Google Sells Motorola for $2.9 Billion
Google has just closed a $2.9 billion dollar deal with Lenovo, giving up it’s rights to the Motorola brand, current and future Motorola products, over 2,000 patents, and Motorola’s trademark portfolio. The near $3 billion sale consists of $660 million in cash, $750 million of Lenovo stock, and $1.5 billion in a promissory note. This move to opt-out of the smartphone manufacturing business may have been Google’s plan all along since they bought Motorola for $12.5 billion in 2011: to ‘milk’ Motorola for it’s patents, engineering talent, and mobile market insight, and then to sell it off later.
This was Google’s way out of the smartphone manufacturing business, a business that they didn’t have a chance of making any real money in, and gives them the ability to concentrate on real opportunities, like improving Android to be the dominant mobile operating system, without the diversion of having to run a device manufacturing company. Google’s selling of smartphones also raised conflict with companies like Samsung and HTC, which use Google’s Android, and selling Motorola releases this tension.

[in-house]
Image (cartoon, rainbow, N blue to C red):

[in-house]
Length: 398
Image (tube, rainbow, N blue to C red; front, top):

Google CEO Larry Page says that the company will be stepping back from the smartphone manufacturing business when the Lenovo deal closes. “The smartphone market is super-competitive, and to thrive, it helps to be all-in when it comes to making mobile devices.” he added. Google will continue to sell it’s own Nexus phones and tablets, as they are manufactured by LG and Asus.
Apple devices do very well in the consumer electronics market because of the hardware-software integration; they’re ‘made together to be together’. Motorola may have been Google’s attempt to mirror this approach.